The British worker is poorly trained, and less productive than most of their European counterparts, despite working longer hours.
I don’t say that to slate the country’s workforce, of which I am part. It’s just what the official figures say.
The question is why.
The fault might not be so much with the employees as it is with their employers.
If the latter fail to invest in them, in training them, developing them, honing their skills, and treating them as a valuable and valued partners, then the unhappy state of affairs I outlined above will inevitably continue.
A group of big investors would like to address that. The members of the Pension & Lifetime Savings Association (PLSA), have £1.9tn at their disposal and represent more than half the pool of institutional money invested in the UK. They are the sort of investors who park the money that they oversee for the long haul and so it is in their interests that companies have happy, engaged and productive workforces.
The latest cost cutting drive to boost the CEO’s bonus and flatter the next trading trading update is of rather less importance.
Recognising that Britain has an issue, they decided to take a look at what companies are up to, commissioning the Lancaster University Management School to conduct to an analysis of the annual reports of 98 FTSE 100 companies; leading businesses that ought to be exemplars of best practice.
The findings have been published in a report – Hidden Talent: What Do Companies’ Annual Reports Tell Us About Their Workers – and they do not reflect well on the companies considered.
While nearly all liked to bang on about how important their workers are to them, just 43 per cent bothered to report on how their staff added value to company strategy.
Incredibly, some 91 per cent discussed their workforces in relation to “risk management”. That’s right, the people who create their products, provide their services, make the money that their CEOs report on every few months, were viewed not as resources but as risks.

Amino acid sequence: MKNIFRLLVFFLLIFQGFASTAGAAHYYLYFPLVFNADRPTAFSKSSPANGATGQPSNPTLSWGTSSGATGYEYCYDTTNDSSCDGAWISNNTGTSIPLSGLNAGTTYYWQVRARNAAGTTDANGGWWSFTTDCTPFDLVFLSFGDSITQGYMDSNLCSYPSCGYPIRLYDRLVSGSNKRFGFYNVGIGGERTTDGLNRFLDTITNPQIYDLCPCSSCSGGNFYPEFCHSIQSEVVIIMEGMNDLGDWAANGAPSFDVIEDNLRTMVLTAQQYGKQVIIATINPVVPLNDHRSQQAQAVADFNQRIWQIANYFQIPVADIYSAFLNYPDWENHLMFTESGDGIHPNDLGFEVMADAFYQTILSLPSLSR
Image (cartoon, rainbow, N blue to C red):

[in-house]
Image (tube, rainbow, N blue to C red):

That’s indicative of some seriously woolly thinking at the top of corporate Britain because, well, what do you do with risks? You certainly don’t invest in them. Instead you do what you can to minimise them, to box them up and hope they don’t blow up in your face.
Annual reports are typically glossy, expensively produced affairs in which companies like to blow their own trumpets. But wait, what’s this? Another disturbing finding from the PLSA, which complains that their trumpeting of management achievement does not extend to the achievements of workforces, with their issues reported “in a balanced, self critical fashion that was not systematically focussed on the positive”.
Now there’s something to be said for balanced and self critical reporting. But in this case consider the context: annual reports are a company’s shop window. They are used by bosses to say ‘hey, look at us, we’re great, come invest!’ If within them they then say, ‘but, oh, yes we’ve these terrible people called workers to worry about but we’re doing our best to minimise the problems they cause us’ it doesn’t send out a terribly encouraging message to people who might have money to put down.
Just 18 per cent of companies gave information on staff turnover, which can serve as a useful indicator of corporate health, and an early warning of problems if it suddenly starts to increase. Less than ten per cent offered meaningful data on the breakdown of part time vs full time staff, or on the use of agency workers or casuals. While most provided stats on gender diversity in the workforce, only 15 per cent mentioned ethnic diversity. Only a third gave information on how they foster employee engagement. And so it goes on.
At a time when there are high levels of concern about exploitation in the so called ‘gig economy’, and the Government claims to want to give more of a voice to the worker, not to mention the ongoing issues of poor productivity and the skills gap, one would think more attention would be paid to issues like this.
Can the report change that? Not on its own. It’s timely, and ought to be given due consideration by employers given from whom it is coming. But it also requires the PLSA’s individual members to play their part by pushing its conclusions.
Change, and it is clearly needed, will only come if they are willing to step up their engagement, and indulge in some judicious arm twisting when they have their regular post results pow wows.